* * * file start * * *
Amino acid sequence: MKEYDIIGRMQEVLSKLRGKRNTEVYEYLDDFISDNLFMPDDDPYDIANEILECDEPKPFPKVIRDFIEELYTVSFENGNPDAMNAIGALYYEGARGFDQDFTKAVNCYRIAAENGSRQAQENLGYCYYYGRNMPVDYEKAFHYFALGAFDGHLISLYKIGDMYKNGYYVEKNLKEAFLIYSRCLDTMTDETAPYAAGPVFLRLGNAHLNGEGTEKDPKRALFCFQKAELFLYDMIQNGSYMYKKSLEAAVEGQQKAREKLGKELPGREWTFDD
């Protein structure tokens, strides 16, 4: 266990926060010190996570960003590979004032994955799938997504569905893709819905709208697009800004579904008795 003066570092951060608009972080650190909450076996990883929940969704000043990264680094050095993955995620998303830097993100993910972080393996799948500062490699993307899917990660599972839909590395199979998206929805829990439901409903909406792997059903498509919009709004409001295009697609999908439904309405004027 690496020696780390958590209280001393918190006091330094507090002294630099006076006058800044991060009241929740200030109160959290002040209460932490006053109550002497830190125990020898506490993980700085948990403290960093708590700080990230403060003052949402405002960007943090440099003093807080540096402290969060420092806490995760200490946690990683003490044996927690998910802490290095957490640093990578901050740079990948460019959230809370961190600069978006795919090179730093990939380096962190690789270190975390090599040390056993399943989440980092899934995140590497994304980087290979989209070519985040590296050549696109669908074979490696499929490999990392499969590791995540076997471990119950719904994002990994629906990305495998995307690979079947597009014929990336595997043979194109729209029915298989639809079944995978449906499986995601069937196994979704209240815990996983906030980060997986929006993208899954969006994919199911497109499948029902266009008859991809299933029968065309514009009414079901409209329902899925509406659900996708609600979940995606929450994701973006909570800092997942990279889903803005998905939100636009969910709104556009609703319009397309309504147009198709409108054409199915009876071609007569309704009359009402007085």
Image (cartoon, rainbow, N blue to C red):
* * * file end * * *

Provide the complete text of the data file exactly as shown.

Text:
Amino acid sequence: MKEYDIIGRMQEVLSKLRGKRNTEVYEYLDDFISDNLFMPDDDPYDIANEILECDEPKPFPKVIRDFIEELYTVSFENGNPDAMNAIGALYYEGARGFDQDFTKAVNCYRIAAENGSRQAQENLGYCYYYGRNMPVDYEKAFHYFALGAFDGHLISLYKIGDMYKNGYYVEKNLKEAFLIYSRCLDTMTDETAPYAAGPVFLRLGNAHLNGEGTEKDPKRALFCFQKAELFLYDMIQNGSYMYKKSLEAAVEGQQKAREKLGKELPGREWTFDD
């Protein structure tokens, strides 16, 4: 266990926060010190996570960003590979004032994955799938997504569905893709819905709208697009800004579904008795 003066570092951060608009972080650190909450076996990883929940969704000043990264680094050095993955995620998303830097993100993910972080393996799948500062490699993307899917990660599972839909590395199979998206929805829990439901409903909406792997059903498509919009709004409001295009697609999908439904309405004027 690496020696780390958590209280001393918190006091330094507090002294630099006076006058800044991060009241929740200030109160959290002040209460932490006053109550002497830190125990020898506490993980700085948990403290960093708590700080990230403060003052949402405002960007943090440099003093807080540096402290969060420092806490995760200490946690990683003490044996927690998910802490290095957490640093990578901050740079990948460019959230809370961190600069978006795919090179730093990939380096962190690789270190975390090599040390056993399943989440980092899934995140590497994304980087290979989209070519985040590296050549696109669908074979490696499929490999990392499969590791995540076997471990119950719904994002990994629906990305495998995307690979079947597009014929990336595997043979194109729209029915298989639809079944995978449906499986995601069937196994979704209240815990996983906030980060997986929006993208899954969006994919199911497109499948029902266009008859991809299933029968065309514009009414079901409209329902899925509406659900996708609600979940995606929450994701973006909570800092997942990279889903803005998905939100636009969910709104556009609703319009397309309504147009198709409108054409199915009876071609007569309704009359009402007085």
Image (cartoon, rainbow, N blue to C red):